SANTA CLARA, California. During the first four and a half seasons of his career, San Francisco 49ers defenseman Jimmy Ward managed to avoid at least one harsh reality of life in the NFL: the league’s non-stop rumor mill. By that point, Ward had gone through his share of adversity, mostly in the form of injuries and an ever-changing role, but managed to hang on to the only team he had ever known.

Things looked like this was about to change just before Halloween 2018, when Ward, who had largely resisted the urge to use various social media platforms, stood on the podium answering questions from reporters when asked about rumors that he was available for sharing. .

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“I said, “Really? No, I didn’t know that,” Ward said. “It was funny, but that’s how I found out.”

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What was unpleasant at the time was sort of a turning point in his career, allowing Ward to see the game from a new angle. When Ward returns from a hamstring injury, either Sunday at the Carolina Panthers (4:05 pm EST, CBS) or in the very near future, he will step into a role almost no one could have imagined for him at the beginning of his career: San Francisco’s longest running player.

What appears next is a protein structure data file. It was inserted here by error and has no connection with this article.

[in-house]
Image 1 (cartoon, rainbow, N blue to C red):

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Ward is entering his ninth NFL season, and it’s all for the team that spent the 30th pick on him in the 2014 NFL Draft. If Ward lives to see 2022 and signs at least another one-year contract with the Niners, he’ll earn a spot at the team’s 10-year-old club, a hallowed spot reserved for photographs of those who play at least a full decade for the team. Joe Staley is the most recent addition to the wall, but it also includes all-time legends like Joe Montana, Jerry Rice, Steve Young and Ronnie Lott. Ward is painfully close to joining this all-star group.

“It will mean a lot,” Ward said. “However, it is difficult to get there. You know, it would be different if I had one more year on my contract, but I don’t have one. I may or may not do it, who knows? Let’s see”.

Over the past three years, Ward has finally found recognition outside the 49ers’ base as well. This is evident in the titles he has added to his resume: starting free guard, team captain, and one of the NFL’s Top 100 Players (No. 96 on the NFL Network), the latter two of which are new titles for him.